Let’s Get Ready

As researchers and trainers, we look at things from many different angles. Statistics, equations, possibilities, opportunities, and even “what if’s”. We have had to set our minds up to face challenges, resistance, and failures. We have wanted to throw in the towel, walk away, say we were barking up the wrong tree. But we didn’t. The inner strength of knowing something is there, something we will find that will make all the difference. Looking at the big picture, takes focus.

Just as we have to teach the puppy to focus, you must do so as well. We must learn how to read or pay attention to what our puppy is telling us. What does it mean when you ask them to do something and they walk away? Why, if they want to please us, do they pull on the leash? Our definition of focus and our puppies definition are two different things. We are capable of focus on a grand scale, a puppy is not. We can focus on the show in a movie theater even though the smell of popcorn is wafting the air. We can focus on talking on the phone while driving. A puppy can not. A leaf blows, there goes focus. A dog barks, someone enters the room, there goes focus.

Understanding focus means two different things to you and to your dog will help you realize how to react with your puppy when they are not paying attention. Pet owners often make the mistakes by trying to teach their dogs new things, in new environments. A dog must be taught what you expect in a non-distracted area, before they will even be able to do it in a distracted area. This is why we feel group classes hinder puppy development.

Kim & Christina

Pulling on the leash is a natural thing to a dog because they walk faster than us. They see things differently than us both in color and perception. (No they are not color blind as many believe. They see in shades of blues, grey, yellow, green. They see red as black)

The largest difference is the sense of smell. Dogs smell individual scents. You may smell the cheeseburger, but the dog smells the beef, cheese, ketchup, onions, pickles, all individually. If you think about it that has to be really weird to smell that way. That is why they are able to use their nose in so many situations that we really do not even truly understand.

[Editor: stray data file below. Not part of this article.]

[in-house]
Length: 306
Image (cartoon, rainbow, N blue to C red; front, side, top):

Did you know that a dog can smell their owner from 4 miles away? So how the heck are we going to expect them to go out and learn how to walk on a leash in areas they have never been, and are bombarded with smells. Especially smells of other dogs!

We need to start slow, and in an environment we can control. Your yard is the best spot for this. So today we are combining how to play first to make yourself the one they want to be with, and then working on focus with the off leash obedience. If your puppy is not paying attention to you, then you have to make yourself more exciting. If they still are not, play a game of hide and seek with them. You hide where you can see them to make sure they are safe, but they can not see you. They will finally realize you are gone, once they do wait just about 30 seconds and come out from hiding and call them to you. Make sure they are coming to you, not you running to them. They will quickly realize they need to keep an eye on you, or you might just get away!


Do a few ‘focus’ exercises before practicing your previous days lessons. Be sure to have your puppy’s favorite toy or some yummy bits on hand to go along with your praise reward. Alternate between rewards. Let’s make sure your puppy knows YOU are the bestest thing in the world EVER! Better than that awesome leaf floating by. Better than the wiff of a double cheeseburger with fries. Waaay better than that squirrel, cat, car, dog, skateboarder, green grass, rock…insert your pup’s favorite distraction here! Remember to start focus work in an environment with little to no distractions. Focus needs a focus-able context. Even if you have to work in the same spot(s) for a week or two, don’t move to or add distractions until your puppy is reliably responding in each successive situation. Going too far too fast could sabotage all of you and your puppy’s hard work. All puppies have different levels of focus-ability. Don’t be discouraged if your pup seems to loose it over something silly like a bit of dust floating by. It’s OK. If you can only get their attention for 2 seconds, PRAISE AND REWARD like they just painted the Mona Lisa. Keep it short and sweet. You WILL get there. We promise. And to those of you who have those naturally inclined pups, whose mission in life is to always respond to you ASAP: we salute you, but don’t stop. Challenge them with distractions. It’s essential to ‘proof’ this behavior in all types of situations.